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E-book Readers and Tablet PCs

Resist all you wish, but we will ALL eventually be reading books on e-readers. Bookcases will become archaic pieces of furniture reserved for people who use film cameras and collect CDs. Like it makes no sense to carry a hundred CDs in your car when you can pack an iPod, it will make no sense to lug more than one book around when you can tote an e-reader. But before you rush out to buy one, do your research. There are quite a few in the works, and you may even find yourself in the market for a tablet PC instead. A quick roundup of those slated to make appearances in the coming months:

1. Kindle 2—Now sold by Amazon at the “new lower price” of just $259. Pros: It’s sleek, it’s fast and people love them. Cons: B&W screen, you can’t “share” the books you buy.

2. Nook—Soon to be sold by Barnes & Noble, it has a fabulous name for two reasons: It evokes cuddling up with a good book (as does the Kindle) and it combines a word beginning with N of your choice (Noble?)+Book=Nook. Dual screen with color. Competitive price. Allows you to “lend” a book to a friend for 14 days. Because it will be sold by B&N, you’ll be able to test it out before you buy it, unlike the Kindle, and access free Wi-Fi in B&N stores. Disadvantages? Slightly heavier than the Kindle and doesn’t allow Word document support (does allow PDFs).

3. Alex—Coming from Spring Design. Like Nook, this runs on the Google Android operating system and has dual touch screen with color. In fact, the designs are so similar that Alex (whoever he is) is suing Barnes & Noble over it.

4. Que—A terrible name. Coming from Plastic Logic, this e-reader has yet to be totally unveiled. Sleek design and possibly with the ability to do more than your average e-reader (putting in the category of the forthcoming Apple Tablet and Microsoft Courier), but specs yet to be revealed (coming Jan. 7).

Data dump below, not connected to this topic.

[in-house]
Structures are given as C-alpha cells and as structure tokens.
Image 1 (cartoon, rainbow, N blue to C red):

5. Apple Tablet—More than an e-reader, the Apple Tablet is designed to be a large iPhone, a device small enough to fit in your purse, but too large for your pocket. Its main uses will be for reading books, browsing the Internet and watching movies.

6. Microsoft Courier—Another tablet PC designed to compete with the Apple Tablet, this one folds like a laptop (or a real book). Will have both touch-screen and stylus technology, and a camera. Check out the video below:

My problem with all the e-readers is that they don’t play video, which rules out the Vook. A Vook could be read on a tablet PC in a browser, but who knows when those will be released, and will they use the easy-on-the-eyes e-ink that all the e-readers do? For now I plan to sit tight and read good old-fashioned books.

1 comment to E-book Readers and Tablet PCs

  • m++

    This post nicely spells out the current state of the ebook market. It's hard to decide which is best without playing with it, but from the sound of it, it's between the Nook and the upcoming Apple tablet for me. I want to try them both first! Also, how easily can you browse with these things or play games on them? It sounds like they are keeping the e-ink display separate from the color lcd style because they have fundamentally different refresh rates. Thanks again for sharing the lay of e-book land!